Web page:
8. Look, this is all about negotiations. Bryce stopped by today and spoke to a bunch of teachers from our district. He took credit for the PCE, the scholarships, and a bunch of other stuff that our governor has signed into law. Even though he knows that most of that stuff was going to be in the capital budget by the reverse sweep and it was up to him and his legislation to put it on the governor’s desk he still played his politic card in front of a bunch of newly minted teachers and did what he does best. I’ve spoken to a lot of people in and around my village and they don’t want Bryce to take $10,000 away from their families each and every year for the rest of their life and they don’t want Bryce to take $400,000 away from their village for each and every year for the rest of their life. What they do want is for Bryce and the legislation to find a better way of paying the bills rather than stealing it from alaskans. We can’t afford that we live out in the bush or it’s very expensive and we need every little bit of help that we can to make ends meet phone paying for plane tickets to buying school clothes and groceries. Bryce thinks the better way is to take our PFD money and pay for all these social welfare programs Arizona State because he thinks he knows better than we do. I guess we shall see if this is true or not but our governor is doing us a great favor and holding this legislators feet to the fire Bryce even brought up the recall and said that if he don’t do what we say then there’s ways to take care of him which I thought was totally inappropriate given the setting but desperate times mean desperate measures.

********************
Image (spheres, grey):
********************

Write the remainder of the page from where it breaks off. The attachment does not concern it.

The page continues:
9. I believe that Joe makes a compelling argument here. While I detest the bill the Legislature has delivered to Dunleavy it could get much worse if the Guv veto’s this measure.
    Let me explain, regardless of political affiliation one common denominator remains. Many Alaska Families rely on the PFD to get through the winter and to pay overdue bills. A veto of the sum allocated in the Budget could work politically for Dunleavy in certain sectors, I would support such a move, except, I know the downside. Political Games at the expense of families, real folks, not the special interest folks who hire lobby groups and make donations to Legislators. The little folks, the guy who works at the Quick-Stop with a young wife, or the girl who makes your coffee, you know the one who is saving to go back to school. Perhaps it’s that single Mom down the street with 3 kids’ you remember her, she works a low pay job 5 days a week and at the at the Alaska Club on the week end handing you a towel. These folks will lose if Dunleavy veto’s this measure.